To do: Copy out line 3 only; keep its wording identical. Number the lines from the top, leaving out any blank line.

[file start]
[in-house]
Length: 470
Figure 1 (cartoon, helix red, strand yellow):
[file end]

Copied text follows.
Figure 1 (cartoon, helix red, strand yellow):